Order and Chaos, deliberation and spontaneity: these contrasting concepts form both the sense and the subject of the latest solo exhibition of paintings by Anna Freeman Bentley. The literal subjects are both purposeful constructions of a sort – the carefully staged tableaux of museum ‘interiors’ (intended to demonstrate certain design styles to the interested observer), and the ramshackle stalls of flea markets in London, Paris and Berlin.
The choice of these subjects makes perfect sense when considering Freeman Bentley’s practice, going back to her days on the painting course at the Royal College of Art, the constructed and, crucially, depopulated landscape has long been her area of artistic investigation. In the case of the museum interior ‘exhibits’ the lack of human presence is an existing prerequisite: these are zones of pure contemplation, cordoned off, literally, from any living interaction. The flea market scenes have, by contrast, been purposefully ‘emptied out’ of human figures by Freeman Bentley as she reconstructs the imagery from a combination of memory and photography.
In both instances this deliberate action lends a certain elevating quality to the resulting works. The museum scenes remain empty, but are cropped in a sympathetic way so as to conceal their fabricated and false nature. Meanwhile the disorder of the markets is allowed to settle into more stately compositions: the drapes of the polythene awnings and gently overflowing trays of wares achieving the air of considered still-lifes once the jostling crowds of market-goers are removed. In so doing Freeman Bentley achieves a unification of sensibilities between these two very different subjects – works that are at once faithful to and manipulative of reality.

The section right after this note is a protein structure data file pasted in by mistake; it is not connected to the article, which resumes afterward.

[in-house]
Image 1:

Another abiding inspiration for Freeman Bentley is the notion of the Baroque – the qualities of vibrance, grandeur and a certain sensuality present in all things, and celebrated in art bearing the name. In this exhibition we see her fascination played out through the use of colour. Works just as Watching and Staging positively radiate with fiery, burnished hues of golds, oranges, scarlet reds, whilst works with darker palettes such as Propping and Screening explore the full richness of the shadows portrayed and contrast them with exuberant bursts of clear and cool blues and greens. These are works that bear the emotional palette of the artist and, from seemingly ‘empty’ subjects, matter emerge paintings that evoke a deeply affecting sense of presence.
Anna Freeman Bentley (b. 1982, London) is a graduate of the Royal College of Art (receiving her MA in Painting in 2010), having previously studied at the Kunsthochschule Weissensee, Berlin, and the Chelsea College of Art and Design. She has exhibited widely in the UK and internationally. Recent exhibitions include DENK Gallery, Los Angeles (2019), Ahmanson Gallery, Irvine, California (2018) and Space K, Seoul (2017).
Her work has been included in prestigious prizes and institutional exhibitions such as the East London Painting Prize, the Prague Biennale and the Bloomberg New Contemporaries. In 2019 she was awarded both the Elizabeth Greenshields Foundation Grant and the Palazzo Monti residency in Brescia, Italy. Her work is held in the Saatchi Collection & Hogan Lovells Collection (London), Hotel Crillon Collection (Paris), Ahmanson Collection (California) and numerous private collections worldwide. She lives and works in London.